Military and Security Developments Involving the PRC

Posted: August 19, 2010 in Uncategorized
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The Military and Security Developments Involving the People’s Republic of China for the year 2010 was released a couple of days ago.  You may have heard of this oft-delayed (and occasionally controversial) document, and it’s in full view now.  It is a deliverable driven by the National Defense Authorization Act for FY 2010.

The Executive Summary captures the essence of what many China watchers have observed for some time: China’s comprehensive military modernization and transformation exceed their immediate territorial interests and includes building out anti-access and area-denial strategies/capabilities, as well as extended-range power projection.

This document, perhaps by its nature of listing improvement after improvement and enhancement after enhancement, is a bit startling.  For example:

  • “China has the most active land-based ballistic and cruise missile program in the world”
  • “The PLA is acquiring large numbers of highly accurate cruise missiles”.
  • “It is upgrading the lethality of this (medium range ballistic missile) force, including by introducing variants of these missiles with improved ranges, accuracies, and payloads.”
  • “China is modernizing its nuclear forces by adding more survivable delivery systems.”
  • “China may also be developing a new roadmobile ICBM, possibly capable of carrying a multiple independently targeted re-entry vehicles (MIRV)”.

These quotes only pertain to the missile part of what China’s doing.  The report also goes on to address similar progress regarding China’s naval forces, air and air defenses, and ground forces.  But you get the general idea.

Beyond the Chinese weapons systems, there’s also what gets written and what gets said, and regarding the space domain, China had some ‘splanin’ to do in November 2009.  Then, People’s Liberation Army (PLA) Air Force Commander Xu Qiliang made some statements that China had to walk back regarding space militarization, or the development of weapons and defensive technologies in space, as a “historic inevitability” and that “competition between military forces is moving towards outer space.”

Whatever the intended space message, there’s been plenty of Chinese action to include plussing-up traditional space missions such as space navigation capabilities, their reconnaissance satellite constellation, their comsat capabilities, a successful missile defense test, and China’s robust space launch programs.

With space a key enabler for anti-access, area-denial, and force-projection capabilities, the report mentions a 2008 Chinese white paper which asserts China’s armed forces have placed a high priority on military developments that can be used to maintain maritime, space, and electromagnetic space security.  Counter-space capabilities, whether by direct ascent ASAT, or more likely from RF jamming, laser interference, high-powered microwave, or cyber attack are also emerging and transformational activities for China.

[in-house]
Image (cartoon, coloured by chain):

Finally, China is also notably involved in space-prestige programs such as their manned space effort.  A successful manned space program is likely to enhance domestic and international stature, as well as improving military capabilities via the inherent capabilities of heavy lift space launch systems.  A viable heavy lift capability will support the development and placement on-orbit of “exquisite” Chinese space capabilities historically enjoyed by only the west.

The most effective and easy way to reduce tensions between the United States and China would be for China to make significant improvements in the transparency of their affairs, and perhaps the best way to enhance this transparency would be for the U.S. and China to foster a robust mil-to-mil exchange program.  China, however, has chosen to deny mil-to-mil as a transparency mechanism for perceived slights, to include the U.S. selling weapons to Taiwan.

The fundamental point of view of Chinese leadership, based on observed actions, unsurprisingly seems to be they’re all about China.  Whether it concerns currency, trade, fuel, food, access, nuclear proliferation, human rights (or lack thereof), or meaningful sanctions against Iran and North Korea, the U.S. challenge will be to deal with China as they are and not as we want them to be.


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